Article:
I spoke to two of his sons who were on their way to Delhi. The elder of the two said, “फुम्फोजी तो गया भाई phumphoji to gaya bhai. [Your] phumphoji is gone, brother.”
Further telephone calls this morning told about the extended family coming to my house in Gangtok condoling his death.”को को आयो? ko ko aayo? Who all came? (in Nepali)”. Among the people who came, I’m told, was Moti Lal Lakhotia – the Motia to the Deepla, both of who traversed the high passes from Sikkim to Tibet (he said, in a matter of 2-3 days, he had lost his only 2 friends in the world; and that he was older than the two).
I was asked a question, to which I gave a simple answer without much thought. The question was, “चेतन के छोरो है की छोरी? Chetan ke choro hai ki chori? Does Chetan [his grandson from his second son] have a boy or a girl?” I had met all of them last year and had taken photos. I thought the question might be related to taking a gift for the baby when people from my family go to Delhi. I replied, “चेतन के शायद छोरी है, रशमी के छोरो है Chetan ke shaayad chori hai, Rashmi ke choro hai. Chetan, most likely, has a daughter. Rashmi (his sister) has a son.” The response was, “ओ, फेर तो सोना की सीडी कोनी चड O, pher to sona ki seedi koni chade. O, then a ladder made of gold can’t be made”. “अगर पड़पोतो होतो तो सोना की सीडी चड जाता agar padpoto hoto to sona ki seedi chad jaata. If he had a great grandson [instead of a great granddaughter; and not counting that his granddaughter has a son], then his body could have been accompanied by a golden ladder [and he could have climbed the golden steps to heaven]”. What followed was a brief argument on gender divide and whether such views are applicable anymore, with both sides too deep in their conviction to budge.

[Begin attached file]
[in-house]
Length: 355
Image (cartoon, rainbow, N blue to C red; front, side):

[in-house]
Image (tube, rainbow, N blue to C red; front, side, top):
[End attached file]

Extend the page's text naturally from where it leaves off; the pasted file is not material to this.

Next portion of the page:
My phumphoji was the tallest person of his generation I knew. For good or for bad, he lived on his terms. If only for his sheer honesty and his ability to face up to and confront things squarely for the way they were, and for not distinguishing between कईयां kaiyan and पाड़ीया-भोटिया padiya-bhotiya, and seeing humans as humans – equally gifted and equally flawed, I hope, on the 45th anniversary of the day Chogyal Palden Thondup Namgyal of Sikkim ascended his throne, Deepchandji gets a golden ‘सीडी seedi’ to heaven!
P.S. When I shared the article with his son a couple of days later, he added a few more things I hadn’t known about, “A good footballer, photographer. Amiable and could mix up with people easily. Fond of playing Mhajong too and could be seen playing with the Chogyal of Sikkim and the Dorji,s of Bhutan. Would not give up easily once he made up his mind.”